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City council votes to sell statue of Robert E. Lee in Charlottesville

Statue of Robert E. Lee at Lee Park (Photo: City of Charlottesville)

CHARLOTTESVILLE, Va. (WSET) -- Charlottesville City Council has decided how it wants to remove the statue of Confederate General Robert E. lee from its downtown park.

At its city council meeting Monday night, council members decided to sell the statue 3-2, unless it is not sold then the council will consider donating it.

Essentially, the statue will go up for bid.

Before they made that decision, they heard from people in the audience on what citizens wanted for the future of the statue.

Council voted 3-2 earlier this year for its removal.

Councilor Wes Bellamy called for the removal of the statue in March 2016, citing residents who feel it is culturally offensive and a symbol of white supremacy.

Those who spoke in support of keeping the statue pointed toward maintaining the art of the statue as well as transforming its historical context and teaching all sides of history.

The Council was presented with two options at their meeting in February; remove the statue from the park and relocate it or contextualize the monument with its historical background and use it as a forum for discussion.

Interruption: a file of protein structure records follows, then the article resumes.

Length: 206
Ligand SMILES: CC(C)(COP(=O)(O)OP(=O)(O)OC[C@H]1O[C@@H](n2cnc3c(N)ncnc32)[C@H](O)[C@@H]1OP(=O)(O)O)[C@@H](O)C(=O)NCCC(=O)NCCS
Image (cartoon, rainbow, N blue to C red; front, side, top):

That motion required city management staff to provide recommendations on how the statue could be moved.

A lawsuit was filed in March against Charlottesville and its City Council in order to prevent the removal of the statue.

The plaintiffs argue that the city violated a state law that protects war memorials and violated the terms of the deed in which donor Paul Goodloe McIntire granted the memorial to the city.

A community panel last fall suggested that the statue be moved from Lee Park to McIntire Park.

The council is also voted on whether to rename both the Lee and Jackson parks.

Supporters of the removal are cautiously optimistic moving forward.

"This isn't over yet, this is a process that is ongoing," said Jalene Schmidt. "And I'm glad that council has moved ahead to pursue the option of, you know, taking bids from someone who would take care of the statue in a way that frames it historically, artistically, educationally."

Other are glad that the decision is moving forward since the issue has been on the table for 14 months.

"I'm glad that we're still moving the process along," said the chairman of the Blue Ribbon Commission. "I'm upset that, well, bothered rather that it's still moving at somewhat of a horse and buggy pace. While other communities around the country, they're jet speed."

Next, council will see if any bidders come forward.

Both sides agree the statue should be treated with integrity.

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